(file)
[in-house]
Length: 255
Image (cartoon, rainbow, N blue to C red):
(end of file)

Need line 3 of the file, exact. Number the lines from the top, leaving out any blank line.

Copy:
Image (cartoon, rainbow, N blue to C red):